Wales to trial world’s highest basic income scheme for young people leaving care
Wales is to roll out one of the most generous basic income schemes ever trialled in the world to its care leavers this year.
The pilot will see all young people leaving care after they turn 18 offered the chance to get £1,600 a month for two years.
It is estimated around 500 people will be eligible for the scheme, which will cost the Welsh Government £20 million over the next three years.
Ministers want to use the scheme to assess the impact receiving a basic income has on young people as they leave care, particularly those from disadvantaged backgrounds.
All young people leaving care who turn 18 during a 12 month period, across all local authority areas, will be offered the opportunity to take part in the pilot which will begin during the next financial year.
The Welsh Government involved care leavers directly in the development of the pilot as well as professionals in Local Authorities to establish a Technical Advisory Group, chaired by Professor Sir Michael Marmot.
Prof Sir Michael (pictured) said: “The Technical Advisory Group for the Welsh Basic Income Pilot want to put on record our support for this policy.
“Whilst we may have differing opinions on how a basic income can work on a wider scale, we can all agree that any scheme aimed at helping a particularly vulnerable group should be welcomed and intend to provide Welsh Government with the support it needs in making this a success.”
Outlining the reasoning behind the pilot, Minister for Social Justice Jane Hutt said: “Our Basic Income announcement today complements the Welsh Government’s ambition to ensure the most vulnerable in our society are supported.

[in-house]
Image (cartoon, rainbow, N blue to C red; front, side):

“We know we’re in the midst of a cost of living crisis and we’re determined to continually look at how best to support individuals in Wales who live in poverty.
“Care leavers have a right to be properly supported as they develop into independent young adults. It’s also important to note that this policy is underpinned by the United Nations Convention on the Rights of the Child, emphasising our commitment to strengthening the rights of children and young people in Wales.
“Yet, too many young people leaving care continue to face significant barriers to achieving a successful transition into adulthood. Our Basic Income pilot is an exciting project to deliver financial stability for a generation of young people that need it most.”
Ms Hutt added that the pilot will build on the existing support offered to looked after children in Wales and ensure young people who take part in the trial “get all the support they need to give them the best possible chance” of transitioning out of care.
“The pilot is specifically being designed to enable participants to receive more than just a basic transfer of cash; support will also be offered that is designed to build up their confidence to negotiate the world outside of care,” she said.
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